Canadian ‘Immortal’ joins French language police

The famous guardians of the French language, the Académie Française, elected its first ever Canadian to join its "immortals" on Thursday. It follows the nomination of a British academic earlier this year. A French teen was also in the running, but missed out.

Canadian 'Immortal' joins French language police
Haitian-born writer Dany Laferriere has become the first Canadian elected to France's Académie Française. Photo: Bertrand Langlois/AFP

Haitian-born writer Dany Laferriere has become the first Canadian elected to France's Académie Française, the nation's pre-eminent body on the French language, it said on Thursday.

Laferriere, a 60-year-old novelist and essayist based mainly in Montreal, was elected to replace Argentine-born author Hector Bianciotti, who died in June 2012.

Founded by Cardinal Richelieu in 1635, the academy is tasked with maintaining the purity of the French language and publishes an official dictionary.

Members are elected for life and known as "immortals".

Born in Haiti in 1953, Laferriere has written more than 15 novels, many of them autobiographical

He won the prestigious Prix Medicis in 2009 for his novel "L'enigme du retour", an account of a return trip to Haiti after the death of his father.

His first novel in 1985, "Comment faire l'amour avec un negre sans se fatiguer" (How to Make Love to a Negro Without Getting Tired), was turned into a film for which he wrote the screenplay.

The academy's statutes do not contain any restrictions relating to the nationality of its members.

In February, British academic, poet and literary critic Michael Edwards, 74, became the first Briton elected to the body.

Arthur Pauly, a 15-year-old French schoolboy, was one of six candidates vying for the seat of former Académie member Hector Bianciotti, who died in June 2012. 

Although the Académie are used to receiving all kind of applications, they were surprised this year when they received an application from teenager Arthur Pauly. 

“Imagine if I get elected after making such a big effort. I would become Immortal at the age of 15. Wouldn’t that be wonderful?” the young hopeful was quoted as saying in his application letter.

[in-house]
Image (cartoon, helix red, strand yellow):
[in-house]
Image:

Although the Académie has set an upward age limit of 75 for its members, there is currently no minimum age, meaning that the position is technically open to minors. 

Sadly for Pauly he missed out, but on a positive note he has plenty of time left to fulill his ambition to become immortal.

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Screenings of French films with English subtitles in July 2022

Paris-based cinema club Lost in Frenchlation is showing two French films with English subtitles this month before taking a well-earned summer break. Here's what's coming up.

Screenings of French films with English subtitles in July 2022

Two events in July are hosted by Lost in Frenchlation, a Paris-based cinema club that offers English speakers who may not be fluent in French the chance to enjoy French films, by screening new releases with English subtitles to help viewers follow the story.

The club has organised two screenings this month – one of them followed by a Q&A with the director, while the other is preceded by a stand-up show – before it takes a well-earned break ready to return in September.

Here are the films you can catch this month.

Friday, July 8th, 7pm

Les Goûts et les couleurs (Not My Type)

Rebecca Marder heads the cast of Michel Leclerc’s smart drama about a talented singer whose dream of recording an album with a 1970s rock icon (a heavily made-up Judith Chemla) threatens to turn sour when the old musician defies phrase and fable and actually dies. 

Her efforts to persuade the old rocker’s closest living relative (Félix Moati) to allow her release the record are complicated by the fact he likes neither his famous kin or her music.

The screening at Club de L’Etoile cinema, on Rue Troyon, will be followed by a Q&A with director Leclerc.

Tickets  (€10, €8 for concessions) are available here

Friday, July 15th, 7pm

Irréductible (Employee of the Month)

Office politics go bad when zealous ministerial inspector Pascale Arbillot reckons without peaceful civil service worker Jérôme Commandeur (who also directs) in this laugh-out-loud comedy. 

Her job is to cut waste and costs; his is to enjoy as quiet and comfortable a career as possible. Unable to get him to leave his ‘job for life’, she transfers him to some of the least hospitable places on Earth she can find… Chaos, as the best movie billings should say, ensues.

The film, at cinéma L’Arlequin, will be preceded by a stand-up show and the chance to enjoy a cocktail or two.

Tickets (€15, €13 for concessions) to the screening and the comedy show are available here